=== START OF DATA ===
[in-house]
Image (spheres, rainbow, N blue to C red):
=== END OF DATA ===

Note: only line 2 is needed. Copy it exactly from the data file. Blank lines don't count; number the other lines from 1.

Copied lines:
Image (spheres, rainbow, N blue to C red):